The recently released video follows FORCES’ Jess playing out the song’s central theme, as we see her walking through the city with her headphones — literally being in her head — and finding that “sway” in the forest scenes, where she finds her inhibitions dissolving, moving along with the thumping beat. 

New Video: Emerging Canadian Singer Songwriter Dana Gavanski Releases a Gorgeous Meditation on the Passing of Time

Dana Gavanski is an emerging Vancouver-born, Toronto-based singer/songwriter, who grew up in an artistic home — her father is a filmmaker and her mother is a painter. Gavanski has long harbored a desire to sing. The rising Canadian singer/songwriter relocated to Montreal to study, and as the story goes, during her senior year of college, her former partner left a guitar behind, and she decided to that it was the perfect time to re-learn the instrument. Ironically, she didn’t immediately go into music: she spent a summer as her producer father’s assistant in the Laurentians, working a derelict hotel-turned office that according to Gavanski looked like something out of The Shining.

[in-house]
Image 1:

The long days behind a computer cemented her her desire to make music, “because it was impossible to play that I needed to, in order to feel like it was real,” she says. The income she earned and saved that summer, funded a year of writing religiously, eventually leading to her debut EP, 2017’s Spring Demos, which the rising Canadian singer/songwriter describes as “whatever was coming out of me. A flood.”

Slated for a March 27, 2020 release, Gavanski’s full-length debut Yesterday Is Gone reportedly reflects her aim “to make something bigger, more thought through.” Steeped in determination, uncertainty and a simple desire to write a good song, the album’s material took shape after she returned from a writing residency in Banff, Alberta. She left the residency resolved not to worry about her songs being “too obvious.” She also began to learn the art of empty time, of being alone with her emotions, of losing herself in a landscape. And naturally, she considered how she might be able to use writing as a way to make sense of her life after a tumultuous breakup and a relocation to a new city.